Egg freezing can be achieved using slow-freezing or vitrification (ultra rapid-freezing). Vitrification is currently recommended as it increases egg survival when thawed and gives improved pregnancy rates. The survival rate of eggs after vitrification and thawing is 90%–97%, the fertilisation rate is 71%–79% and the womb implantation rate is 17%–41%. The chances of becoming pregnant after implantation are roughly 30-60%, depending on the age at the time of egg freezing. Importantly, the older the woman is at the time of egg freezing, the lower the likelihood that she will have a baby in the future.
The health risks of egg freezing are minimal, which include those occurring from ovarian stimulation and egg retrieval under anaesthesia. There is a rare possibility of ovarian hyperstimulation syndrome in which mild abdominal pain, bloating, nausea, vomiting and diarrhea can occur with varying severity due to too many eggs growing.
The egg-to-baby rate is around 6.5% ie. the chance that a frozen egg from one fertile young woman will result in one baby is therefore one in 16, but as many eggs almost 15 eggs may be retrieved in one egg freezing cycle, there remains a ‘good’ chance to have a baby with young eggs at a later age, considering the other option of not having a baby at all!
The management of DOR can be a frustrating experience for the patient and her physician. The strategies used are all aimed at getting a higher oocyte yield. Various treatment regimens have been designed to manage the patients with DOR and include high dose of gonadotropins, natural and modified natural cycles, estrogen priming, supplementation with LH, luteal antagonists and letrozole co-treatment use of adjuncts like androgens, growth hormone, melatonin and aspirin, oocyte donation and assisted hatching.
Egg donation may be the last efficient resort to offer hope to patients with DOR and poor response. Though the pregnancy rates in women who use egg donation are as good as in young women, the decision to receive donated eggs is often difficult to make. Moreover, the facilities for egg donation, the acceptability and adequate counseling may not be available worldwide.
The newer yet-to-be established approaches in poor responders include ovarian transplantation, mitochondrial transfer and stem cell based neo-oogenesis.
Some new experiments have tried to restore the possibility of fertility in women with depleted ovarian reserve. Germ line stem cells have been isolated in adult mouse ovaries, following which several studies have attempted to isolate mitotic germ cells in adult human ovaries.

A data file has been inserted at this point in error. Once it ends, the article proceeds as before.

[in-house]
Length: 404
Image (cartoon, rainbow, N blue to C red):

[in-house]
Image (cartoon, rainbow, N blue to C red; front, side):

Virant – Klun et al. tried to isolate the ovarian stem cells (OSCs) from the ovarian surface epithelium (OSE) in women with no naturally present oocytes and follicles. OSE scraping isolated small round cells, 2–4 µm in diameters which were cultured and some oocyte like cells developed and reached 20 µm diameter and were termed “embryonic-like stem cells of the adult”. And later these oocyte – like cells underwent parthenogenetic activation to form blastocyst – like structures.
Research is being carried out to try and develop of artificial gametes from diploid somatic cells. The problems being faced are the inability of the somatic cells to reduce their chromosomes with the necessary efficacy of a germ cell. During this process there is high incidence of chromosomal abnormalities resulting from non- disjunction. More research is needed to determine whether these approaches are a realistic paradigm in the management of women with no follicles/ eggs.
There have been a multitude of studies on DOR and poor ovarian response, yet we are to reach a consensus and conclusion about the correct definition and management. We believe that detailed patient counseling and the most appropriate ovarian stimulation are the keys to optimise reproductive outcomes in such patients. Women with DOR should be appropriately counseled to undergo a rather aggressive approach to achieve pregnancy before it is too late. On the other hand, as a preventive measure, women who are not planning a pregnancy within the next couple of years, should be counseled to freeze their eggs.
Dr Duru Shah is director with Gynaecworld.